Common Questions About The FMLA

While there could be hundreds of different questions that you could have about the FMLA, I will try to answer a few of the most common questions below:

Is My Employer Required To Offer Me FMLA Leave If It Has Less Than 50 Employees?

No.  There are a number of requirements that must be met for your employer to be a “covered employer” for purposes of the FMLA; however, the main requirement is that your employer have at least 50 employees during the prior calendar year.  Some employers may try to play games and only count certain employees or locations; if you think your employer is trying to do that, you should consult with an attorney to determine whether your employer is covered by the FMLA.

Can My Employer Force Me To Use FMLA Leave?

Yes.  According to the  Dept. of Labor’s regulations, your employer is responsible for designating leave as FMLA-qualifying and giving notice of the designation to you.  Your employer can make this designation as soon as it has enough information to determine whether the leave is being taken for an FMLA-qualifying reason (e.g., for the birth/adoption of a child, serious health condition of you or your spouse/child/parent).  So if you are eligible for FMLA leave and taking a leave of absence for an FMLA-qualifying reason, your employer can unilaterally designate your leave as FMLA and  trigger the start of the 12 week period.

Does My Employer Have To Pay Me For FMLA Leave?

Generally, no.  FMLA leave is typically unpaid leave.  However, if you have accrued sick, vacation or other paid time off, you can choose to apply that accrued leave to your FMLA leave; however, your FMLA leave and paid leave will run at the same time and you will NOT be entitled to more than 12 weeks of FMLA leave.  Your employer can also require you to use your accrued time off during your FMLA leave – that means you can’t take FMLA leave and save your accrued time off for later unless your employer allows you to do so.  It is completely up to your employer whether to allow you to save your accrued time until  you return from FMLA leave.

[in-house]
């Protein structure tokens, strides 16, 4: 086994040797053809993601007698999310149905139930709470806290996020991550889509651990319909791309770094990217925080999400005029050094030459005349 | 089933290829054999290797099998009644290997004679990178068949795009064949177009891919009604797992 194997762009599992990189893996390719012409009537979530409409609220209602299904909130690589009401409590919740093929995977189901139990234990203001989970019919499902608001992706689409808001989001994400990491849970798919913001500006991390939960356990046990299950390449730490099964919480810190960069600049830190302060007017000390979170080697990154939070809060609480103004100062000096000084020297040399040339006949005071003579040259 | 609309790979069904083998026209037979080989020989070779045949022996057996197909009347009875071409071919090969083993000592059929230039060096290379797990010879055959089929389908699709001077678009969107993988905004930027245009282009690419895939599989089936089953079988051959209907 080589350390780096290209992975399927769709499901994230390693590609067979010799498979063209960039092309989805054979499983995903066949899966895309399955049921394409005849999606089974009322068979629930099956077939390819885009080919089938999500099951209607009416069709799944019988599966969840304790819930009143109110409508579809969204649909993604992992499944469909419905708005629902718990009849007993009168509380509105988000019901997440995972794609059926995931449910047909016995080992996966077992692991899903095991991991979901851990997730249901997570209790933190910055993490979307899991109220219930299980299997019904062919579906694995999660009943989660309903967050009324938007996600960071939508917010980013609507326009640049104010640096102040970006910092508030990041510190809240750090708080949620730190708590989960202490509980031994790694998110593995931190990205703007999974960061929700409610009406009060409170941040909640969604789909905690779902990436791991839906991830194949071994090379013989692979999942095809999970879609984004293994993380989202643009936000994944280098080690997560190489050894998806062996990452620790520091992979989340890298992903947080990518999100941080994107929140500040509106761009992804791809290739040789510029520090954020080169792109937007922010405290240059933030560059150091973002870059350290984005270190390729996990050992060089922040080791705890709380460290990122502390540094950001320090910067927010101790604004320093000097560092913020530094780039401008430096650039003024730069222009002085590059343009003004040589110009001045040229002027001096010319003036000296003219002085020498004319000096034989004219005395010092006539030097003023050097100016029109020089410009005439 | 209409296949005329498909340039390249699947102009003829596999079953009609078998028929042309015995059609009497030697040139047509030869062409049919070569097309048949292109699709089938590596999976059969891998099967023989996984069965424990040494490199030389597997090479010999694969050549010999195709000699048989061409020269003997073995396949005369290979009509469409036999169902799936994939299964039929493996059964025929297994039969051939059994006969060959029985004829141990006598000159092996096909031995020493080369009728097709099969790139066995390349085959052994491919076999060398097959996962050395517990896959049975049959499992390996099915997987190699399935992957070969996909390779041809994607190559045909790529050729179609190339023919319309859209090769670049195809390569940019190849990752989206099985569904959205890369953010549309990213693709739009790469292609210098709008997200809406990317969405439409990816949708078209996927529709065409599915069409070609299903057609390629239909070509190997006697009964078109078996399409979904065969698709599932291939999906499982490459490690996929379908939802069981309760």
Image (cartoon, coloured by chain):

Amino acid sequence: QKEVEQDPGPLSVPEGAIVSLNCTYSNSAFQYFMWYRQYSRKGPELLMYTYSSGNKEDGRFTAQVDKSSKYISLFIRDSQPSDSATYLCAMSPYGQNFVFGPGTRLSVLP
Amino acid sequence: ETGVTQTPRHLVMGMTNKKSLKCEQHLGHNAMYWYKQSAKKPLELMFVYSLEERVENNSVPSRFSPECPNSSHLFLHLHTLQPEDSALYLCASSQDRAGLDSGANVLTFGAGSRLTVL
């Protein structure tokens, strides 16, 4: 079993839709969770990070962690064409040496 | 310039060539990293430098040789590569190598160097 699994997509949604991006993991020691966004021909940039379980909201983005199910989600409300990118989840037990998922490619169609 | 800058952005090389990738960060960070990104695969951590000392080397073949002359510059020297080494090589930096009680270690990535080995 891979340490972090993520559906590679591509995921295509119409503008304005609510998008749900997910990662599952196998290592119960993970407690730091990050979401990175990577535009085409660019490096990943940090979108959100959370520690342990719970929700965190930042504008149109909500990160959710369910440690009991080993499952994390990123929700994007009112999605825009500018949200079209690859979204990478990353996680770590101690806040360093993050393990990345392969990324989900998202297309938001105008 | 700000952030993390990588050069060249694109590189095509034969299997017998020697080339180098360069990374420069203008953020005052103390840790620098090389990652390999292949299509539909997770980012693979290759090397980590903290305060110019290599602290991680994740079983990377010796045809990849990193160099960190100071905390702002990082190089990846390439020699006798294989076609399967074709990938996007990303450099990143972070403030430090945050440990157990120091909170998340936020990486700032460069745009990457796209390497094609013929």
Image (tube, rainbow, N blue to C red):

Can My Employer Charge Me For My Health Insurance While On FMLA Leave?

Yes.  This only comes up when the FMLA leave is unpaid.  During FMLA leave, your employer is required to offer the health insurance on the same terms as when you were working.  If the leave is paid, your employer will deduct your share of the premiums from your paycheck – just as it does when you are not on FMLA leave.  When the leave is unpaid – and there is no paycheck to deduct the premiums from  – you are required to continue to pay your share of the health insurance premiums.

Does My Employer Have To Return Me To The Exact Same Position?

Yes and no; your employer can return you to your former position or an “equivalent position” – which the regulations define as “one that is virtually identical to the employee’s former position in terms of pay, benefits and working conditions, including privileges, perquisites and status. It must involve the same or substantially similar duties and responsibilities, which must entail substantially equivalent skill, effort, responsibility, and authority.”  Whether a position is truly an “equivalent position” can be a tricky question and will ultimately depend on the specific details of the two positions.

These are just the most common questions that we run into from employees regarding the FMLA.  If you have additional questions or would like assistance in finding an attorney that could help you with questions about the FMLA.  Please fill out the form below.

Advertisements

About Publius

"Publius” a former labor and employment litigation attorney in New York City with experience representing both management and employees in a broad range of labor and employment matters. As a "reformed" attorney, Publius is looking to provide the people of New York City with information that will educate them as to their legal rights and, if appropriate, connect individuals with attorneys that can assist them.
This entry was posted in Uncategorized and tagged , . Bookmark the permalink.

Leave a Reply

Fill in your details below or click an icon to log in:

WordPress.com Logo

You are commenting using your WordPress.com account. Log Out /  Change )

Google+ photo

You are commenting using your Google+ account. Log Out /  Change )

Twitter picture

You are commenting using your Twitter account. Log Out /  Change )

Facebook photo

You are commenting using your Facebook account. Log Out /  Change )

Connecting to %s